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Absence of objective differences between self-identified addicted and healthy smartphone users?

Research output: Contribution to Journal/MagazineJournal articlepeer-review

Article number3702
<mark>Journal publication date</mark>1/04/2021
<mark>Journal</mark>International Journal of Environmental Research and Public Health
Issue number7
Publication StatusPublished
<mark>Original language</mark>English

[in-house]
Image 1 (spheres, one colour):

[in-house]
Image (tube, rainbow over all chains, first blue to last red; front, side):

Smartphones are used by billions of people worldwide. However, some psychologists have argued that use of this technology is addictive, even though little research utilises objective smartphone usage records to verify this claim. We conducted an exploratory study to identify whether behavioural differences exist between those who self-identify as addicted smartphone users and those who do not. We gathered retrospective smartphone usage data from 131 Android users and asked them about their past use to compare their perception of their usage against their actual usage. We could not identify any reliable differences between the smartphone activity of those self-identified as addicted smartphone users and other users. Furthermore, smartphone scales are generally good at identifying who believes themselves to be addicted, although they do not reflect objective smartphone use. This study questions the use of self-report measures to diagnosis behavioural addictions without relevant psychopathological constructs and emphasises the need for more rigorous study to conceptualise smartphone addiction. © 2021 by the authors. Licensee MDPI, Basel, Switzerland.